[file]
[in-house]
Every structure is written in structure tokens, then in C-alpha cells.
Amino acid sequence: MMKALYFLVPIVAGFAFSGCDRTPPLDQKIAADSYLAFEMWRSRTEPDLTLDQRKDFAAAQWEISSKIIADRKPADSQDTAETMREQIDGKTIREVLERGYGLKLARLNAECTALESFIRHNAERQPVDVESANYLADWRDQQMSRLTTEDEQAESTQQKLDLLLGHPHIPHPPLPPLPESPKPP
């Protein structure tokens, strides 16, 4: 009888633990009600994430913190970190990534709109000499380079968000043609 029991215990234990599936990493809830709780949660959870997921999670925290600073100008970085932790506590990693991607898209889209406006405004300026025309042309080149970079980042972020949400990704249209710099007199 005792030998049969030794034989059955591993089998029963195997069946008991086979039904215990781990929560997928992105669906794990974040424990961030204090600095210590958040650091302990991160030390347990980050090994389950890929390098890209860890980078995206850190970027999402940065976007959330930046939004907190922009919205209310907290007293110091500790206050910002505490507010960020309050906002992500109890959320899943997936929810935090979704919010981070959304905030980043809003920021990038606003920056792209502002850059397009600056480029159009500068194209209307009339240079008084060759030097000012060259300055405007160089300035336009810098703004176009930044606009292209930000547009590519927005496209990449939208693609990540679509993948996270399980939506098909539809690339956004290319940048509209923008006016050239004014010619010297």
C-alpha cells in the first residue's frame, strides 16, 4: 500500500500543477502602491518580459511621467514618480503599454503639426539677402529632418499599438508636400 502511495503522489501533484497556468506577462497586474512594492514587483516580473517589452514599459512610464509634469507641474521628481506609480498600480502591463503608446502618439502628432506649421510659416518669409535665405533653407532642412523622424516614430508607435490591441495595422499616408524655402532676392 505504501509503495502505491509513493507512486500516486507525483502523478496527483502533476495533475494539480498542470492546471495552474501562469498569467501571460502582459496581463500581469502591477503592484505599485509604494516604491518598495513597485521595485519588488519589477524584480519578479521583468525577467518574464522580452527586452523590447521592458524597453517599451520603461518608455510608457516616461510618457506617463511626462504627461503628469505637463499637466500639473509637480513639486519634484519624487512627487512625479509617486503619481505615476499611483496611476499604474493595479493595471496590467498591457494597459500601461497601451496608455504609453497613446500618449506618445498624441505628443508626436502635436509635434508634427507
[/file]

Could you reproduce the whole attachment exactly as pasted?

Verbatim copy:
[in-house]
Every structure is written in structure tokens, then in C-alpha cells.
Amino acid sequence: MMKALYFLVPIVAGFAFSGCDRTPPLDQKIAADSYLAFEMWRSRTEPDLTLDQRKDFAAAQWEISSKIIADRKPADSQDTAETMREQIDGKTIREVLERGYGLKLARLNAECTALESFIRHNAERQPVDVESANYLADWRDQQMSRLTTEDEQAESTQQKLDLLLGHPHIPHPPLPPLPESPKPP
């Protein structure tokens, strides 16, 4: 009888633990009600994430913190970190990534709109000499380079968000043609 029991215990234990599936990493809830709780949660959870997921999670925290600073100008970085932790506590990693991607898209889209406006405004300026025309042309080149970079980042972020949400990704249209710099007199 005792030998049969030794034989059955591993089998029963195997069946008991086979039904215990781990929560997928992105669906794990974040424990961030204090600095210590958040650091302990991160030390347990980050090994389950890929390098890209860890980078995206850190970027999402940065976007959330930046939004907190922009919205209310907290007293110091500790206050910002505490507010960020309050906002992500109890959320899943997936929810935090979704919010981070959304905030980043809003920021990038606003920056792209502002850059397009600056480029159009500068194209209307009339240079008084060759030097000012060259300055405007160089300035336009810098703004176009930044606009292209930000547009590519927005496209990449939208693609990540679509993948996270399980939506098909539809690339956004290319940048509209923008006016050239004014010619010297």
C-alpha cells in the first residue's frame, strides 16, 4: 500500500500543477502602491518580459511621467514618480503599454503639426539677402529632418499599438508636400 502511495503522489501533484497556468506577462497586474512594492514587483516580473517589452514599459512610464509634469507641474521628481506609480498600480502591463503608446502618439502628432506649421510659416518669409535665405533653407532642412523622424516614430508607435490591441495595422499616408524655402532676392 505504501509503495502505491509513493507512486500516486507525483502523478496527483502533476495533475494539480498542470492546471495552474501562469498569467501571460502582459496581463500581469502591477503592484505599485509604494516604491518598495513597485521595485519588488519589477524584480519578479521583468525577467518574464522580452527586452523590447521592458524597453517599451520603461518608455510608457516616461510618457506617463511626462504627461503628469505637463499637466500639473509637480513639486519634484519624487512627487512625479509617486503619481505615476499611483496611476499604474493595479493595471496590467498591457494597459500601461497601451496608455504609453497613446500618449506618445498624441505628443508626436502635436509635434508634427507